TFM's 'THIN AIR' Initiative Empowers Teens to Address Mental Health
SDSU Filmmakers and Therapists Unite to Create Empowering Stop-Motion Animation "THIN AIR."
Photo from "Thin Air."
San Diego State University's Television, Film and New Media program (TFM) has embarked on a pioneering project, "THIN AIR," aiming to address the mental health challenges teenagers face in a post-COVID-19 world. This collaborative effort led by Associate Producer Abigail Segal and TFM Assistant Professor Mary Posatko, brought together a team of filmmakers with therapists from Didi Hirsch Mental Health Services' Transitional Age Youth Program.
Amid the backdrop of the COVID-19 pandemic and its profound impact on teenage mental health, this project sought to use filmmaking as a means of healing and inspiration. In six minutes, this stop-motion animation explores themes of grief and the importance of embracing all facets of oneself to move forward.
Segal, a film production major with a background in acting and visual arts, began as an intern and production assistant, contributing to various administrative tasks and script coverage. "Mental health awareness is vital, and I looked forward to combining my interest in filmmaking and my interest in creating work to start important conversations and help break the stigma,” she said.
The project enabled fifteen teenagers from the Transitional Age Youth Program in Glendale, many of whom had never considered themselves filmmakers, to engage in character development, screenwriting, and voice acting through weekly in-person workshops led by industry professionals.
Mary Posatko, SDSU TFM Assistant Professor, offered insights into the process. "Collaboration is one of the most challenging and rewarding aspects of filmmaking, and the process of putting yourself out there creatively then having a group critique, adjust, and sometimes not use your ideas was an ongoing learning process," she said.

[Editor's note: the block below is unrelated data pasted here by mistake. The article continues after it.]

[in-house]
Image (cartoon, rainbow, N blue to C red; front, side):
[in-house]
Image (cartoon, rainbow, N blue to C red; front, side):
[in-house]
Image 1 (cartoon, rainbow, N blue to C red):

The teens created characters, wrote scripts, learned the art of stop-motion animation, and voiced the film's central characters. Accomplished industry professionals, including animator Chance Davis, MPSE-nominated David V. Butler, voice actor Scott Whyte, MPSE-winning Jay Jennings, and musical artist X.Ari, joined the team to lend their talents.
The impact of the project on the mental health and well-being of the participating teenagers was profound,” Posatko said. "Seeing these young people forge a bond with the group and show up week after week, digging into the creative work and finding their voice, was a joy and a privilege."
The film was screened on October 6, 2023, for the teens, their therapists, and families at the Didi Hirsch campus in Glendale, highlighting the power of art in facilitating communication and empowering teenagers to tell their stories.
"THIN AIR" is now making its way through various film festivals, hoping to reach a wide audience and spark crucial conversations about mental health challenges teens face after COVID-19.
The success of "THIN AIR" has empowered the participating teens to use their voices and paved the way for future projects. "As this is an annual program, we hope to convene again next summer and create an entirely new project. Stay tuned!” said Posatko.